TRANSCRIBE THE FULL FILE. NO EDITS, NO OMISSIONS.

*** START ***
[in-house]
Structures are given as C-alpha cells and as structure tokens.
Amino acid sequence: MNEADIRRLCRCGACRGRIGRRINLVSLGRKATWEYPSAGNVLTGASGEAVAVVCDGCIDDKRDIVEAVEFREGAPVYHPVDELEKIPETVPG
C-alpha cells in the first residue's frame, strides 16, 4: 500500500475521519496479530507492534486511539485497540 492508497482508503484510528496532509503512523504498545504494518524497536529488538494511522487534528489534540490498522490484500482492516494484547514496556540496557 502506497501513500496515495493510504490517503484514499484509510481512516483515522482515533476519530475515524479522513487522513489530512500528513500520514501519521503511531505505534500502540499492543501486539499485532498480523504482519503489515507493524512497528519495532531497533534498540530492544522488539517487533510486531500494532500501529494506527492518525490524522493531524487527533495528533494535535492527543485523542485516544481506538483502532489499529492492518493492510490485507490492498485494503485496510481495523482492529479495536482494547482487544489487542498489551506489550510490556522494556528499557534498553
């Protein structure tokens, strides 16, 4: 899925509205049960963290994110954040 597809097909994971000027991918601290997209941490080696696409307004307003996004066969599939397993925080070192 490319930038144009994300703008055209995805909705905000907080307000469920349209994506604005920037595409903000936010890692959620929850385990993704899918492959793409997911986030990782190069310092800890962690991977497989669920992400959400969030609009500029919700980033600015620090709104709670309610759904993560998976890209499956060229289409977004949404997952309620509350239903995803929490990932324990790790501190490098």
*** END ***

[in-house]
Structures are given as C-alpha cells and as structure tokens.
Amino acid sequence: MNEADIRRLCRCGACRGRIGRRINLVSLGRKATWEYPSAGNVLTGASGEAVAVVCDGCIDDKRDIVEAVEFREGAPVYHPVDELEKIPETVPG
C-alpha cells in the first residue's frame, strides 16, 4: 500500500475521519496479530507492534486511539485497540 492508497482508503484510528496532509503512523504498545504494518524497536529488538494511522487534528489534540490498522490484500482492516494484547514496556540496557 502506497501513500496515495493510504490517503484514499484509510481512516483515522482515533476519530475515524479522513487522513489530512500528513500520514501519521503511531505505534500502540499492543501486539499485532498480523504482519503489515507493524512497528519495532531497533534498540530492544522488539517487533510486531500494532500501529494506527492518525490524522493531524487527533495528533494535535492527543485523542485516544481506538483502532489499529492492518493492510490485507490492498485494503485496510481495523482492529479495536482494547482487544489487542498489551506489550510490556522494556528499557534498553
């Protein structure tokens, strides 16, 4: 899925509205049960963290994110954040 597809097909994971000027991918601290997209941490080696696409307004307003996004066969599939397993925080070192 490319930038144009994300703008055209995805909705905000907080307000469920349209994506604005920037595409903000936010890692959620929850385990993704899918492959793409997911986030990782190069310092800890962690991977497989669920992400959400969030609009500029919700980033600015620090709104709670309610759904993560998976890209499956060229289409977004949404997952309620509350239903995803929490990932324990790790501190490098």